Subphylum Vertebrata, stem group
Genus Emmonsaspis Walcott, 1890
Emmonsaspis cambrensis (Walcott, 1890), Parker Formation, Parker Quarry, Franklin County, Vermont, USA.
Emmonsaspis cambrensis (Walcott, 1890)
Diplograptus ? simplex Walcott, part, p. 92, pl. 11, fig. 4a (non fig. 4).
Phyllograptus? simplex Walcott, part, p. 388.
Phyllograptus? cambrensis (Walcott), part, p. 604, pl. 59, fig. 3 (non fig. 3a).
Emmonsaspis cambriensis (Walcott); Resser and Howell, part, p. 233, pl. 9, fig. 1 (non figs. 2–4).
Emmonsaspis cambrensis (Walcott, 1890); Conway Morris, p. 599, pl. 1, figs. 1, 2.
Metaspriggina sp.; Conway Morris and Caron, Extended data fig. 6a–d.
Metaspriggina; Pari et al., 2021, p. 693, fig. 2E.
USNM 15314A, Parker Formation, Parker Quarry, Franklin County, Vermont, USA. Cambrian Series 2, Stage 4 (Resser and Howell, 1938, pl. 9, fig,1).
The original specimens are incomplete, but USNM 15314A, which is the largest, preserves ~50 myomeres (Conway Morris and Caron, 2014, Extended data fig. 6b). The eye is evident in USNM 15314C. USNM 15314A preserves dark ventral features (interpreted by Conway Morris and Caron, 2014, Extended data fig. 6b, as the heart and liver). YPM IP 239155 preserves evidence of the eyes (Fig. 10.3, 10.4) and even a distinct central area (interpreted as the eye lens by Conway Morris and Caron, 2014, fig. 1). YPM IP 239155 preserves evidence of ~50 myomeres (Fig. 10.3), but the distal extremity is not evident. A dark area (Fig. 10.3) is preserved in a similar position to that interpreted as the liver by Conway Morris and Caron (2014). YPM IP 543315 (Fig. 10.5) is unusual in being preserved as a rust-colored coating, iron oxide presumably after pyrite, that obscures finer details. USNM 15314A was at least 40 mm long and 10 mm high. YPM IP 543315 (Fig. 10.5) was at least 45 mm long. YPM IP 239156 and YPM IP 239155 (Fig. 10.3, 10.4) were at least 35 and 40 mm long, respectively.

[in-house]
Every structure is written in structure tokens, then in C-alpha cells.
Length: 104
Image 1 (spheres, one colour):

USNM 15314A, holotype, USNM 15314B, C, YPM IP 239154-239156, YPM IP 543315, YPM IP 543323.
Conway Morris and Caron (2014) referred the original Parker Formation specimens (well illustrated in their Extended data fig. 6) to Metaspriggina spp. without comment. Metaspriggina was not named until 1993, when Simonetta and Insom erected a new genus and species from the Burgess Shale, M. walcotti Simonetta and Insom, 1993, which was subsequently shown to be a chordate (Conway Morris, 2008). We retain Emmonsaspis as the generic name for the Parker Formation taxon, noting that it has priority. Conway Morris and Caron (2014, p. 419) observed that the Parker Formation specimens differ in being less slender and having myomeres with a more angular closure; they also lack evidence of gill bars and zig-zag shaped myomeres. These differences, unless taphonomic, might justify assignment to a separate genus. Otherwise Metaspriggina is a junior synonym of Emmonsaspis.